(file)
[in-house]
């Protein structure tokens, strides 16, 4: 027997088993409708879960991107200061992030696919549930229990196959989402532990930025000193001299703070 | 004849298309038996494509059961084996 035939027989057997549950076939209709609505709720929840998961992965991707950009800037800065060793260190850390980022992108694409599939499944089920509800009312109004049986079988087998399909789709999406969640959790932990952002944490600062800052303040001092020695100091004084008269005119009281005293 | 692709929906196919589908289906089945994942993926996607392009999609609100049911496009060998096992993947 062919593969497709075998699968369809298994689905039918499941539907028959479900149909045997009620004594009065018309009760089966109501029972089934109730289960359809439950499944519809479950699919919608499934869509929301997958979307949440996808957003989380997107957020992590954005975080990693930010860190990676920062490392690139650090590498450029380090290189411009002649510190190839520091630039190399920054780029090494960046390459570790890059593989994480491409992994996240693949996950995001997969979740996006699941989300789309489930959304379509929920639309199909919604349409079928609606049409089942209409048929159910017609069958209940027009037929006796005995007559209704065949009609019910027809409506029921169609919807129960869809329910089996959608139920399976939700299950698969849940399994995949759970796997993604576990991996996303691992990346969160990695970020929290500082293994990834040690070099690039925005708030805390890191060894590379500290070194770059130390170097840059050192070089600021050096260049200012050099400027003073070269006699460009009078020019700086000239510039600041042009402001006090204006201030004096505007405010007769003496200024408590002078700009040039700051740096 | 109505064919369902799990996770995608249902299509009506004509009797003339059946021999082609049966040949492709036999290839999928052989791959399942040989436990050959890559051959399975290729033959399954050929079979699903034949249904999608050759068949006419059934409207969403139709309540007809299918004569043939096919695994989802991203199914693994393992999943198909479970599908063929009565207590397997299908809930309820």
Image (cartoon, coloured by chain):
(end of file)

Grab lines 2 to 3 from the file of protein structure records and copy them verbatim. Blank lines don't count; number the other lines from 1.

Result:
């Protein structure tokens, strides 16, 4: 027997088993409708879960991107200061992030696919549930229990196959989402532990930025000193001299703070 | 004849298309038996494509059961084996 035939027989057997549950076939209709609505709720929840998961992965991707950009800037800065060793260190850390980022992108694409599939499944089920509800009312109004049986079988087998399909789709999406969640959790932990952002944490600062800052303040001092020695100091004084008269005119009281005293 | 692709929906196919589908289906089945994942993926996607392009999609609100049911496009060998096992993947 062919593969497709075998699968369809298994689905039918499941539907028959479900149909045997009620004594009065018309009760089966109501029972089934109730289960359809439950499944519809479950699919919608499934869509929301997958979307949440996808957003989380997107957020992590954005975080990693930010860190990676920062490392690139650090590498450029380090290189411009002649510190190839520091630039190399920054780029090494960046390459570790890059593989994480491409992994996240693949996950995001997969979740996006699941989300789309489930959304379509929920639309199909919604349409079928609606049409089942209409048929159910017609069958209940027009037929006796005995007559209704065949009609019910027809409506029921169609919807129960869809329910089996959608139920399976939700299950698969849940399994995949759970796997993604576990991996996303691992990346969160990695970020929290500082293994990834040690070099690039925005708030805390890191060894590379500290070194770059130390170097840059050192070089600021050096260049200012050099400027003073070269006699460009009078020019700086000239510039600041042009402001006090204006201030004096505007405010007769003496200024408590002078700009040039700051740096 | 109505064919369902799990996770995608249902299509009506004509009797003339059946021999082609049966040949492709036999290839999928052989791959399942040989436990050959890559051959399975290729033959399954050929079979699903034949249904999608050759068949006419059934409207969403139709309540007809299918004569043939096919695994989802991203199914693994393992999943198909479970599908063929009565207590397997299908809930309820």
Image (cartoon, coloured by chain):